Artificial organs refer to any device, machine, or other material used to replace the function of a missing or faulty organ of the human body. It is generally made from stem cells of the patients and is grown in laboratories. This includes, in-vivo and in-vitro procedures carried out with the help of stem cells, xenotransplantation, and in-vivo and in-vitro procedures carried out in genetically modified animals. Biomaterials are also used to develop body interfaces. Artificial organs help in retaining those processing abilities, which cannot be retained naturally through installation. It helps the patient to maintain normal human life. Artificial organs may be temporary or permanent. They are classified into four groups, including bone or joint replacement, skin or soft tissue replacement, internal organs, and sensory organs. Bone or joint replacement involves replacing knee, hip, finger, and total limb with artificial organs.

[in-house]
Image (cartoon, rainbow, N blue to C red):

Skin or soft tissue replacement involves replacing the various skin or soft tissues such as breasts, skin, and muscles with artificial implants. Meanwhile, internal organs include kidney, heart, liver, pancreas, and blood vessels; and sensor organs include eyes and ears. Artificial heart is one of the most widely developed artificial organs. Some of the prosthetic devices such as brain pacemaker, which helps in controlling neural network diseases and epilepsy, cannot be repaired by artificial organs.
For More info Click Here.